• Groups • Mammals are the most intelligent animals on Earth! • Mammals are warm-blooded. • Mammals have hair or fur to keep themselves warm. Manatees • Some mammals include wild Chimpanzees cats, dolphins, rodents, apes, and HUMANS! • Most baby mammals will drink from their mother. •Mammals can either be carnivores, herbivores, and/or omnivores. Chipmunks Tigers • Check out these mammals! Information found: Giannetta, J. 2003. “Mammals" (On-line), Web Pages for Students. Accessed October 11, 2009 at http://www.saskschools.ca/~gregory/animals/mammals.html. Image (left top) from: http://www.flickr.com/photos/clairemiddsy/2803771928/ Image (right top) from: http://www.flickr.com/photos/globalvoyager/107222260/ Image (left bottom) from: http://www.flickr.com/photos/gillesgonthier/351900111/ Image (right bottom) from: http://www.flickr.com/photos/digitalart/2198300422/
  • Mammals •The Chimpanzee is the closest to human mammal; they are 99.4% identical. • The Chimpanzee is a very social creature. •Baby Chimpanzees will cling to their mothers from 3.5 to 4.5 years. •A Chimpanzees lifespan can range from 40- 60 years. •Adult males have the strongest relationships within their community, however, they are most likely to compete between each other. •Chimpanzees groom each other socially to maintain cleanliness but also to strengthen relationships. •Playing is something Chimpanzees like to do at all ages. •Chimpanzees are very intelligent, only with education and training can they solve problems, learn sign language, and many other tasks. Information found: Shefferly, N. 2005. "Pan troglodytes" (On-line), Animal Diversity Web. Accessed October 11, 2009 at http://animaldiversity.ummz.umich.edu/site/accounts/information/Pan_troglodytes.html. Image found: http://www.flickr.com/photos/patries71/3038074728/
  • Mammals •Chipmunks have pouched cheeks so that they can store food in them. •Most Chipmunks do not live more than one year. •Chipmunks got their name by the noise they make: “Chip” noises. •This Chipmunk does not hibernate through the winter entirely; it will wake up from time to time to eat some of its stored nuts and food. •The Chipmunk prefers to eat things like nuts, corn, fruits, and seeds, but it will eat insects too. •To escape predators the Chipmunk will run fast to its burrow (home) for safety. Information found: Anderson, R. and J. Stephens. 2002. "Tamias striatus" (On-line), Animal Diversity Web. Accessed October 11, 2009 at http://animaldiversity.ummz.umich.edu/site/accounts/information/Tamias_striatus.html. Image found: http://www.flickr.com/photos/wwarby/3278206517/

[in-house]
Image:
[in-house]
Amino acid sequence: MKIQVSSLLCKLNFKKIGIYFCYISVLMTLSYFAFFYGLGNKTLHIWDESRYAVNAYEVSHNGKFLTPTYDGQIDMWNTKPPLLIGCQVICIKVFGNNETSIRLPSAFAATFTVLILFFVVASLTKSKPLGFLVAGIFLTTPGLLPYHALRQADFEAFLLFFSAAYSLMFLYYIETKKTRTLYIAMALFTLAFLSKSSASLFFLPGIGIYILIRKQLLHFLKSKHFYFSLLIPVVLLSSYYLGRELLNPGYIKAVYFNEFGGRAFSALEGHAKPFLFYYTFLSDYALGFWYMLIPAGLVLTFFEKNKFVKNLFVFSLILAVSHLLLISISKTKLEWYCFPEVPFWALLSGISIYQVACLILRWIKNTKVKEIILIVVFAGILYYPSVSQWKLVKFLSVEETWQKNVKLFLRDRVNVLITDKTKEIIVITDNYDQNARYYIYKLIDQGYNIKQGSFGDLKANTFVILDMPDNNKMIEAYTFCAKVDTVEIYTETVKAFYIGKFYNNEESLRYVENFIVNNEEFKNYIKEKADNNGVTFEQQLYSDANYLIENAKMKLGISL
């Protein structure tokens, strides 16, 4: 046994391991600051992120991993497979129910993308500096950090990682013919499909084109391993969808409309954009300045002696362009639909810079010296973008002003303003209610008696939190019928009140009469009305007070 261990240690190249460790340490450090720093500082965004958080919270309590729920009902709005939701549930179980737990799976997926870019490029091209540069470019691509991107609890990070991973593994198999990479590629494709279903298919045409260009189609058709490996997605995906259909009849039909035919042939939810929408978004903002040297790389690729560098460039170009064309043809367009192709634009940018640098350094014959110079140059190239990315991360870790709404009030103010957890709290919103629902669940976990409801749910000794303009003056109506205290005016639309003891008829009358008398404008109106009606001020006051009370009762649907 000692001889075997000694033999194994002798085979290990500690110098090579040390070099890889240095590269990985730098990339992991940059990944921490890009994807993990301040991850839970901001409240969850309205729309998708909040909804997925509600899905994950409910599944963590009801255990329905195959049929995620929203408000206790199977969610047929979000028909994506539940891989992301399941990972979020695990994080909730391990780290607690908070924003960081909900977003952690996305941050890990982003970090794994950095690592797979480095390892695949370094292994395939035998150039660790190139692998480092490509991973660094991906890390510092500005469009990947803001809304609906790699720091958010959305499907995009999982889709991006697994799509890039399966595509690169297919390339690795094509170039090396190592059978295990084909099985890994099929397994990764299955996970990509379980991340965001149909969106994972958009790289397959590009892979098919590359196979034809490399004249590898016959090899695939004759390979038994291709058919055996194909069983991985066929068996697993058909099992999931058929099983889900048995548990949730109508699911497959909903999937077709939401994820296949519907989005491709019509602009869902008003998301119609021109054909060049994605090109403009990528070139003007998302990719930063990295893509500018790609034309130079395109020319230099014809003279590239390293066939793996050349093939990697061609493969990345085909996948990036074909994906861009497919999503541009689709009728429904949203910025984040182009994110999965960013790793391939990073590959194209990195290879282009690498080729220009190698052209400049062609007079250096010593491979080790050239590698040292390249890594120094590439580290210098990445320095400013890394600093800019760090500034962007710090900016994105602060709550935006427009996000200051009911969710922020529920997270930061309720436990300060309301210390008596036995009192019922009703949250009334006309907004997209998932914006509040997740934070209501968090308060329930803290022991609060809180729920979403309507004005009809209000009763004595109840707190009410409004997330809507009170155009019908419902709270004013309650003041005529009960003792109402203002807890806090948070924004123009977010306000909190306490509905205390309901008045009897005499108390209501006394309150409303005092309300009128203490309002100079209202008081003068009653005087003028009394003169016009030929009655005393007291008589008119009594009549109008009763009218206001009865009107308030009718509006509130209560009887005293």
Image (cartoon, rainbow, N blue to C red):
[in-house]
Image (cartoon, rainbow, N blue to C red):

• Mammals •The Manatee is VERY BIG! It can weigh up to 1,000 kg or 2,205 lbs. • Manatees are not able to live on land. •The Manatee can live alone or in groups that can go up to 200 other Manatees. •Manatees will only eat water-based or aquatic plants as a food source. •Manatees are an endangered species because of humans hunting them or destruction of their natural habitat. •They are also endangered because too often they are harmed or killed because of boating accidents. •The Manatee is a friendly animal; it will let humans approach them and pet them. •When other Manatees are swimming around each other they will often rub and roll along each other. Information found: Myers, P. 2001. "Trichechidae" (On-line), Animal Diversity Web. Accessed October 12, 2009 at http://animaldiversity.ummz.umich.edu/site/accounts/information/Trichechidae.html. Image found: http://www.flickr.com/photos/divemasterking2000/3214594280/
  • Mammals •Tigers have no known natural predators except humans. • Tigers are stealthy nighttime hunters. •Tigers use scent markings to communicate between each other. •The longest relationship between any tigers is between a mother and her offspring. •Tigers can live up to between 8-10 years in the wild; some tigers have been known to live into their 20s in captivity. •Tigers do not require a lot in order to survive; all they need is some vegetation for shelter, water, and prey to hunt. •All Tiger subspecies are severely endangered because of human hunting and destruction of Tigers’ habitats. Information found: Dacres, K. and B. Lundrigan. 2007. "Panthera tigris" (On-line), Animal Diversity Web. Accessed October 11, 2009 at http://animaldiversity.ummz.umich.edu/site/accounts/information/Panthera_tigris.html. Image found: http://www.flickr.com/photos/jiaren/3989767041/